If you have been an RVer for a long time, then it is likely that you have learned the ins and outs of all the tools and accessories that you will need and want on a camping trip. Some of the things that you now have for your camping excursions you might have found out you needed the hard way. When someone is new to RV camping there are many people who offer up ideas on what’s on the RV camping checklist for camping trips, but sometimes the only way to know exactly what you will need as a new RVer is to test the waters yourself.
Of course, there are essentials that it is recommended for all types of RVers to have on hand and ready for camping trips. These things can add convenience and ease to any camping trip and you will find that they quickly become camping items that you cannot live without. Here is the RV camping checklist for newbie RVers to consider:
- RhinoFLEX RV Sewer Kit — Dumping waste is a job that no one likes to do. Luckily this RV sewer kit makes the job simpler because of the sturdiness of the hose, the useful end caps, and the simple connection. It is also much simpler to store than the “loose” variety of sewer hoses. The RhinoFLEX actually condenses to take up less space.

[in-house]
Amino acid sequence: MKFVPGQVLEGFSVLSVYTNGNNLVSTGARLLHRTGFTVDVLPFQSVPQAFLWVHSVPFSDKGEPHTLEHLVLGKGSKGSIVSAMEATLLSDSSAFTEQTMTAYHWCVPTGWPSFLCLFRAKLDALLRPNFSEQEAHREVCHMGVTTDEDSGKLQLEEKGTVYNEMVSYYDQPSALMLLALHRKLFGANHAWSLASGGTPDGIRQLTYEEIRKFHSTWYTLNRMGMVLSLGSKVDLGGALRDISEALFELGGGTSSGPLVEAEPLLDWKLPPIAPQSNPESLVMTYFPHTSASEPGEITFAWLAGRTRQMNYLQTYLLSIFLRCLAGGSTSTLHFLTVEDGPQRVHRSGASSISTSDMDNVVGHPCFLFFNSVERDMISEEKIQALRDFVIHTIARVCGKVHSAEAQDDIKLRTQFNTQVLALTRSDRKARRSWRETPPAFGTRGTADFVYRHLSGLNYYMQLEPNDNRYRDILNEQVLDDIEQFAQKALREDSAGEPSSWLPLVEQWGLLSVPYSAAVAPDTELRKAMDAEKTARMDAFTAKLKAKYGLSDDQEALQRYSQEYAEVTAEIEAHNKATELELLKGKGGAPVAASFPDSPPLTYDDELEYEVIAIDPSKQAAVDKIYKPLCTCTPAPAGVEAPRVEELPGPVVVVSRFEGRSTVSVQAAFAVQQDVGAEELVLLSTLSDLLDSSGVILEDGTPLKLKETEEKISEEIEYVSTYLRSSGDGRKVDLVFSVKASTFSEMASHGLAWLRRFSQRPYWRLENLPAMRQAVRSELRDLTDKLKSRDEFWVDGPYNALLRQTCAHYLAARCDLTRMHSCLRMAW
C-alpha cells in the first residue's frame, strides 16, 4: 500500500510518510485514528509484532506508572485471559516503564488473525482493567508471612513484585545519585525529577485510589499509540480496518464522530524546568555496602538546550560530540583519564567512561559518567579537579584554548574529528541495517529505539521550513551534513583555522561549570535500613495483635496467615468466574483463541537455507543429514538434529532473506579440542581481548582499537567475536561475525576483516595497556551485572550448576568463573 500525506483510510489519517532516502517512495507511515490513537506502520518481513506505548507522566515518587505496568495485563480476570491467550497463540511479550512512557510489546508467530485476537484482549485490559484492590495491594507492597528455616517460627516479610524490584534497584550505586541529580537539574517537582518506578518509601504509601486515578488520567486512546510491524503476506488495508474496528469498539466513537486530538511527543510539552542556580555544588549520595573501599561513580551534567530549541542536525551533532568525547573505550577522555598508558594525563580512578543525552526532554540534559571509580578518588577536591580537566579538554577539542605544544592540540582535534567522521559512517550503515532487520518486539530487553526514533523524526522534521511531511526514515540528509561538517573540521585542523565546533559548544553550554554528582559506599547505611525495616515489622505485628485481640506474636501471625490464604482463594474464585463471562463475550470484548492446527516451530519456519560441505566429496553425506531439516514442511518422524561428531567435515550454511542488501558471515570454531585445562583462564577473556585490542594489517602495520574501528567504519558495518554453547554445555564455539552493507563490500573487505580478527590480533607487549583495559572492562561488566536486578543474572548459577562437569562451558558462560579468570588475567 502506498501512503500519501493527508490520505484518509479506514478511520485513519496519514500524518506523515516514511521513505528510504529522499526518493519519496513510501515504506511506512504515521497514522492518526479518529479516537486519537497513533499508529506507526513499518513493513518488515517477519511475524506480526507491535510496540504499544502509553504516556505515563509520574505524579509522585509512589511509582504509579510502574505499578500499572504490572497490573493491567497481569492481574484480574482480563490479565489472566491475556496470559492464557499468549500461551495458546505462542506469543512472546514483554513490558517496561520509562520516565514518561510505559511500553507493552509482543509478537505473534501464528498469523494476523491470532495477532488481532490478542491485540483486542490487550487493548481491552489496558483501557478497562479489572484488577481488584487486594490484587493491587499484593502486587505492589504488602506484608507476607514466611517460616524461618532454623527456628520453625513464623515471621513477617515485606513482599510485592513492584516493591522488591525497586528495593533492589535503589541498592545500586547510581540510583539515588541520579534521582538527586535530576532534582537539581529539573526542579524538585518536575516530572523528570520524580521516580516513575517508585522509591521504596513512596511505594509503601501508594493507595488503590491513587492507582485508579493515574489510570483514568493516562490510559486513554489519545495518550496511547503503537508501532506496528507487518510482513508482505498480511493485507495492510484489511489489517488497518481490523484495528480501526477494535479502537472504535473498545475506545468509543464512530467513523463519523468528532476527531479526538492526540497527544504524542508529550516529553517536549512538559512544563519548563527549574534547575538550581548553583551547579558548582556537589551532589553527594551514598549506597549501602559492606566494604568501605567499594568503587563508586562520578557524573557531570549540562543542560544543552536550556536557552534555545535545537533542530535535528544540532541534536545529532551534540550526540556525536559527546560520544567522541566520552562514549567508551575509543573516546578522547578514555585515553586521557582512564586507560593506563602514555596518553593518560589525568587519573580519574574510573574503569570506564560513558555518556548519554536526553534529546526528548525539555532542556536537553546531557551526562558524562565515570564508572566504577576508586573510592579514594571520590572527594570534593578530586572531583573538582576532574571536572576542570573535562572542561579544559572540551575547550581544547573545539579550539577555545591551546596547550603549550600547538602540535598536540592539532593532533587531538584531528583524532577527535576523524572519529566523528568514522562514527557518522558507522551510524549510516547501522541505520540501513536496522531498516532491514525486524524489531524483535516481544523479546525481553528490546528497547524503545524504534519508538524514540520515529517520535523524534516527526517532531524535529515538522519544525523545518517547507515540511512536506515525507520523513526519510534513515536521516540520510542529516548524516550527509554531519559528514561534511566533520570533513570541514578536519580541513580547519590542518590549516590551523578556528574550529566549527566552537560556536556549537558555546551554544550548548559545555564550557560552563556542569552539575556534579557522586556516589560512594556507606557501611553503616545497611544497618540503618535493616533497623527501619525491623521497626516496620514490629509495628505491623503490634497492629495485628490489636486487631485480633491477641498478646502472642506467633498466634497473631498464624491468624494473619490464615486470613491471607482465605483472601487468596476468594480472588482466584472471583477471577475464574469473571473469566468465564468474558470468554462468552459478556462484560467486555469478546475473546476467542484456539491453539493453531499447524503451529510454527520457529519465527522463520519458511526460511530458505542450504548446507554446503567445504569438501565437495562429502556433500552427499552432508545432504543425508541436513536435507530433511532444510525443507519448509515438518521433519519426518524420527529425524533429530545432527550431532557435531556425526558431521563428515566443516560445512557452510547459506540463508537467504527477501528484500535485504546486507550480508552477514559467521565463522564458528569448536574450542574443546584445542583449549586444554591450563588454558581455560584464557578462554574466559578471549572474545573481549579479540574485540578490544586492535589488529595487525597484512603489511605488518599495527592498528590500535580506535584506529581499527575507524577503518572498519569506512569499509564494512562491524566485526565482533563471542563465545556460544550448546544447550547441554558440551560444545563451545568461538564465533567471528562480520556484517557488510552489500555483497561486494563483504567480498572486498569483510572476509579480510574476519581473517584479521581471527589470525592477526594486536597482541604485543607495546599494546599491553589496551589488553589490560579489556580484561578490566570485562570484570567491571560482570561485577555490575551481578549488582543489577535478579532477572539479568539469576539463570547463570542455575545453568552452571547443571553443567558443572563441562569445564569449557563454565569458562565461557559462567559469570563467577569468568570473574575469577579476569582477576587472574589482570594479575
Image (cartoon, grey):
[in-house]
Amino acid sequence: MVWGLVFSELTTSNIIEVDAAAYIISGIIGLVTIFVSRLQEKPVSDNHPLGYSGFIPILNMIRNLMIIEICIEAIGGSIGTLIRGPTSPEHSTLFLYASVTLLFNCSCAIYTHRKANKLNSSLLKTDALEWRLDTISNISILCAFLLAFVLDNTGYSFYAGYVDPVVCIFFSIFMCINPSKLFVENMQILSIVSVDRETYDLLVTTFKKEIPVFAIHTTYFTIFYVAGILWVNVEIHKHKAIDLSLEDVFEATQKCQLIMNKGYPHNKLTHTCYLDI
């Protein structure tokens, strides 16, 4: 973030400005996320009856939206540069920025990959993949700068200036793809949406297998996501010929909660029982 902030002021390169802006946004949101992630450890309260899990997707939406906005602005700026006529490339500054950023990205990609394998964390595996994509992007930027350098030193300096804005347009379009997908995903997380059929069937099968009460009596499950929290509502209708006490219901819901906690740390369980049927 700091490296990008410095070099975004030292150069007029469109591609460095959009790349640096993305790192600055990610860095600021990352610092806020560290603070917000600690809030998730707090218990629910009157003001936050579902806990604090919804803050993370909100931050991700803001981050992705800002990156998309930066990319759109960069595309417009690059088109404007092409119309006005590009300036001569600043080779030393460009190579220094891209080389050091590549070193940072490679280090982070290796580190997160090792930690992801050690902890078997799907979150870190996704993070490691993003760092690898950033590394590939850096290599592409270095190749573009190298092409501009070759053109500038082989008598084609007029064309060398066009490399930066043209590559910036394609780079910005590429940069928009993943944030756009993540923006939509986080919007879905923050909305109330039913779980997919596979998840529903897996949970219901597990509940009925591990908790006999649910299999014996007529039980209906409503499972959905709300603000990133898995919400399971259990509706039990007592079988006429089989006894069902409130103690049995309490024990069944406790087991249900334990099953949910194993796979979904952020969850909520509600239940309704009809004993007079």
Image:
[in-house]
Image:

- Extension cord –If you ever get to a campsite and find that you need to extended your power supply, this guy will come in handy. There are many extension cords to choose from, but you will want to make sure that it is safe and heavy duty. A top choice of campers is the Power Grip Heavy Duty variety of extension cords.
- Wheel Chocks — To keep your RV in place and create a level spot, wheel chocks are incredibly useful. Many campers will try blocks of lumber and eventually go over to using wheel chocks as they are easier to stow and provide more reassurance.
- Kingpin Stabilizer or tongue chock — For campers with a fifth wheel, a Kingpin Stabilizer is a wonderful tool. This tripod offers up maximum support so that the fifth wheel stays shake free. A tongue chock can help keep the tongue of a travel trailer, popup, or utility trailer stabilized.
- Caulk — If you think about it, RVs take a lot of movement while on the road. That can lead to little cracks here and there which are completely normal, but you will want to patch those up. Interior caulk can fill those gaps or cracks inside around the shower or sinks. Exterior caulk can patch up any roof cracks. You will definitely want to be prepared with caulk.
The above RV camping checklist is, of course, only the beginning. Let us know in the comments below what your RV camping checklist includes!